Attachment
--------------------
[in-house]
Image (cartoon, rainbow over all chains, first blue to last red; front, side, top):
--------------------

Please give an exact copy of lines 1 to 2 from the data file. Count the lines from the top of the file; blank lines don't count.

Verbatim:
[in-house]
Image (cartoon, rainbow over all chains, first blue to last red; front, side, top):